Object name: ARP002

Designation(s): ARP002,

Arp 2 is an SB dwarf galaxy of the Magalenic class. Arp classed it as Spiral galaxy: low surface brightness. It is indeed. I used twice my normal exposure time on this object and it was still exceedingly difficult to pull out of the noise. This is one challenging object needing very dark skies.

It is also known as UGC 10310 and is thought to be about 15.8 megaparsecs away or about 50 million light-years away. Though redshift alone would indicate a closer distance of 10.5 megaparsecs or 34 million light years. But at this close distance redshift alone is often a very poor distance indicator. One note at NED is shown below.

"This magellanic barred spiral has rather poor H{alpha} emission, but exhibits a very bright giant HII region to the SE. Some emission can be seen in the north part of the bar and in the spiral arms starting at both ends. The scarcity of the emission makes the drawing of isovelocity lines difficult. It is also hard to derive a reliable rotation curve, although both sides are in fairly good agreement and suggest that a maximum around 70 km s^-1^ is reached at about 50 arcsec from the center. The WHISP HI data show that the neutral gas is mainly concentrated in the two spiral arms. Our H{alpha} velocities are consistent with the HI velocity field, as confirmed by the good agreement between our rotation curve and the HI curve derived by Swaters (1999)."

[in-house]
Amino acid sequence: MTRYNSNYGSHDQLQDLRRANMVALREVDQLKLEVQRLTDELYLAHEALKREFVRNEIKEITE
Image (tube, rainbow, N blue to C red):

Some of that weak H alpha emission at the north part of the bar may be why the upper end of the galaxy has a slightly reddish hue. The HII region to the SE is very obvious in my image as the blue blob. Stretching the image has greatly increased its size same as a star gets increased. In the original data stars in the image have an FWHM of 2.8" (better than average for my location) but this "star" was 4.6" FWHM showing it wasn't a star at all. Arp made the following comment about the galaxy and this object: "Low surface brightness dwarf. Large bright knot in arm appears almost stellar." Some of the other blue "stars" may also be HII regions in the galaxy. Their distribution would seem to suggest this is the case.

Annotated image shows galaxies, two quasars and a quasar candidate's distance in billions of light years. One galaxy cluster, MaxBCG J243.92214+47.16785 at about 2.5 billion light years it has the core galaxy marked as GC. NED says it has 14 members. No diameter is given but I assume most if not all the reddened galaxies in this part of the image belong to the cluster. Only the 2 marked galaxies have a redshift given, however. Oddly they result in a distance of 2.4 billion light years. This may be the more accurate figure. So that is what I used.

To give an indication of how deep this image goes I've marked the magnitude of one star on the SDSS survey they list at 22.1 magnitude. Oddly the galaxy beside it isn't listed! I see this quite often but don't know the reason.

There was a horrid flare from a star just out of frame at the southwest corner. While I reduced it, it likely covered up several distant galaxies. This is why that corner is rather bare of features.

Arp's image:

14" LX200R @ f/10, L=8x10' RGb=4x10', STL-11000XM, Paramount ME, image scale 1" per pixel.